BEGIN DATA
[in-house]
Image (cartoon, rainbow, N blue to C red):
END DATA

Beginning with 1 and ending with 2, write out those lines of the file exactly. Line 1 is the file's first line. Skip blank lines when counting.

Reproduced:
[in-house]
Image (cartoon, rainbow, N blue to C red):